Wednesday, 16 July 2014

A Boroughbridge Boyhood in the 1850s: the diaries of John Stubbs

The next series of posts will be an account of John Richard Stubbs' boyhood in Boroughbridge. 

John Richard Stubbs was born on 2 October 1838 at five minutes past three o'clock in the morning at the Bridge Foot, Boroughbridge.  His parents were Thomas Stubbs (1796-1867) and Mary Henlock (1803-91).  John was one of six children.  His brothers and sisters were Jane (1826-1902), Joseph (“Joe”) (1829-1906), Thomas (“Tom”) (1834-66), Mary Elizabeth (“Lizzy”) (1842-1914) and Alice (1844-1921).

John married Ellis Macfarlane on 13 April 1871 at Claremont House, Helensburgh.  They had three children:  Thomas Duncan Henlock (1872-1931), Mary Kathleen (1874-1948) and William Henlock who died in 1886 at the age of seven.

John qualified as a solicitor in May 1860 and started in practice in the newly incorporated borough of Middlesbrough in February 1861; he was one of the earliest solicitors in the town.  His entry in the 1903 Contemporary Biographies of the North & East Ridings of Yorkshire reads:
John Richard Stubbs, J.P., Park End, Ormesby, near Middlesbrough; son of Thomas and Mary Stubbs (née Henlock); born at Boroughbridge, October 2nd 1838; educated at Giggleswick.  Solicitor; Notary Public; Commissioner for Oaths; Clerk to the Justices for the Division of Langbaurgh North; Official Receiver in Bankruptcy for the Middlesbrough, Stockton-on-Tees, and Northallerton Districts; Justice of the Peace for the borough of Middlesbrough.  Married, April 13th 1871 at Helensburgh, N.B. [North Britain], Elizabeth Grace Ellis, daughter of Duncan Macfarlane.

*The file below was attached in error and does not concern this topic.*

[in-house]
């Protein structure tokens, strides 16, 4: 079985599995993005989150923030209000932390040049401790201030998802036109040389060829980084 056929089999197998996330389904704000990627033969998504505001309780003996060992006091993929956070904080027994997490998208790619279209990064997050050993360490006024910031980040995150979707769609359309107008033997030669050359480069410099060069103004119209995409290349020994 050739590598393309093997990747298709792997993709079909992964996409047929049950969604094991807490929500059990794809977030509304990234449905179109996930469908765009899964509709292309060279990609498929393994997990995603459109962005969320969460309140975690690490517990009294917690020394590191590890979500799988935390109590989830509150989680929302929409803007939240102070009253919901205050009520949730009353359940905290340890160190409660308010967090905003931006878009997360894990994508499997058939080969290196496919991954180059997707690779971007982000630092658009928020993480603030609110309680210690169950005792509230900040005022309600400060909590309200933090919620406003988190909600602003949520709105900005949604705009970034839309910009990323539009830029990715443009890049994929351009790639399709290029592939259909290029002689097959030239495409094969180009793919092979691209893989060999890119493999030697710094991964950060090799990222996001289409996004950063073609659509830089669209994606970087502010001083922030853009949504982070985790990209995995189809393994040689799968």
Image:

John must have initially retired from practice in 1908 when he gave his law library to Middlesbrough Town Council, but it seems that the pressure of war and the absence of so many of the younger men brought him out of retirement in January 1915.  However, he was now an old man and had suffered the loss in 1914 of his fifteen-year-old grandson, a midshipman on HMS Aboukir.  His health failing, he died on 6 December 1916 at Coatham, aged 78 years.

Alfred Pease of Pinchinthorpe Hall wrote to John's son:
… When a father dies no matter what his age it makes a gap in the family that is never filled again and in your case I am certain the loss will be deeply felt, for few men by their qualities compare with your father.  In the days when I constantly met him I learnt his worth and held him in honour and I may say too in affection – a most just, kind, gentleman …
His widow Ellis died on 30 April 1922 at Scriven Lodge, Knaresborough and was buried at Coatham on 3 May.

For much of his life, John kept a diary noting the main events of his day.  The entries for the 1850s are generally written in small pocket diaries, 4½ by 3 inches in size, with a week to a page.  They are not reflective or introspective, but offer a picture of the daily life and surroundings of John, his relatives, neighbours and friends.  As this may be of interest to local and family historians, I have tried to reflect this in my account of John's early life.

Unfortunately, as nobody remembered to write the names under the photographs in the family album, my choice of illustrations was limited!

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